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If Faraday invented field concept, how did Newton find g?

  1. Jan 1, 2015 #1
    This is Newton's law of universal gravitation.
    $$F=G\frac{m_1.m_2}{r^2}$$
    Gravitational field $$g$$ is derived from this formula

    $$g=G\frac{m_1}{r^2}$$ This is named gravitational "field" strength.

    If Newton knew nothing about "field concept" and formulated his formula in the form of "action at a distance", how did he interpret $$g$$?

    My question is valid for Coulomb as well.

    Wasn't this formula
    $$
    E = \frac{Q}{4\pi\varepsilon_{0}r^2}
    $$
    invented by Coulomb?

    If so, what did he name for $$E$$?
     
  2. jcsd
  3. Jan 1, 2015 #2
    newton only said that Gravitation force will be proportional to product of mass and inveresly to square of distance..... but he didnot talk about the field which is a contiouous function over space.....
     
  4. Jan 1, 2015 #3
    Then who found the
    $$g=G\frac{m_1}{r^2}$$ ?

    If Newton found, what did he call for it besides "field strength"?
     
  5. Jan 1, 2015 #4

    SteamKing

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    You don't need to have a concept of a field to determine the value of g. You can measure the value of g experimentally. Even the value of G can be determined using a carefully constructed experiment, as Henry Cavendish first did in 1798.

    http://en.wikipedia.org/wiki/Gravitational_constant

    Similarly, atomic theory originated long before elementary particles like protons, neutrons, or electrons were known.

    Things like 'fields' are one way to try to explain what occurs physically and naturally. However convenient the field concept may be, if something better comes along, we might one day regard fields like phlogiston is now regarded in terms of explaining combustion.

    The concept of the field was Faraday's intuitive way of explaining how things like electricity and magnetism worked. However, his concept was of little use scientifically until the mathematics of Green and Stokes was developed, which allowed Clerk Maxwell to derive his famous equations of the electromagnetic field.
     
  6. Jan 1, 2015 #5
    OK. Then What did he name for it?
    How can someone measure "field" strength, can't say anything about it?

    Newton: "I just measured ____. And it is called ____. It represents ____".
    Can you please fill in the blanks without using field keyword?
     
  7. Jan 1, 2015 #6

    OmCheeto

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    Here's what I think he would have said:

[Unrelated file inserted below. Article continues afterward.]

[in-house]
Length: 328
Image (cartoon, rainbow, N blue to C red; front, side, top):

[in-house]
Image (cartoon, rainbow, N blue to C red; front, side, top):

My interpretation is from a translation of his writings, page 81, Newton's Principia : the mathematical principles of natural philosophy (c1846), with a brief life history.

    Well that was an interesting read. Did you know, that he was apparently bored with life, and a very bad student, up until, at the age of 12, another schoolboy, kicked him in the stomach. (page 18) And then he became a very good student. I seem to recall something to that effect, that some people just need a swift kick, to get them motivated. But I never knew that about Isaac.
     
    Last edited: Jan 1, 2015
  8. Jan 1, 2015 #7
    No he wouldn't have said that.
    g
    is not a force.
     
  9. Jan 1, 2015 #8

    Vanadium 50

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    Not many people, when presented with Newton's own writings, would say "He wouldn't have said that".
     
  10. Jan 1, 2015 #9

    OmCheeto

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    Ah ha!

    As far as I can tell, (600 pages in 2 hours is a bit much for me) he never mentioned g, as other than, a "proportion".
    G wouldn't be measured for another 111 years, by Cavendish.

    I think he acknowledged this:

    So I don't think your original question, as stated, is valid.

    But reading the Principia was fun. It's full of all sorts of weird and interesting things: dried pigs bladders, and he used pendulums extensively.
    The index starts on page 581 of the translation.
     
  11. Jan 1, 2015 #10

    sophiecentaur

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    You are ignoring the fact that you are looking backwards to Newton's time. There are many concept that we take for granted these days but they are not necessary for arriving at a 'reasonable' model for things. We can so easily forget that a 'Field' is totally a construct of our mind, which predicts the effect of one thing on another. Within his limits, Newton's model was self consistent - that's what was so clever about it.
    But we know that he was not 100% infallible. He got it entirely wrong about Chemistry and believed in the occult and Alchemy. He was also capable of being a very nasty chap to many people.
    Our hero was definitely flawed.
     
  12. Jan 1, 2015 #11

    OmCheeto

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    And he said the gravitational force on the moon was 1/3 of that on Earth. 100% wrong! What a buffoon.
    pages 458-459 pdf, 452-453 original copy
     
  13. Jan 1, 2015 #12

    sophiecentaur

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    Massive fail. Can't win em all, Isaac!
     
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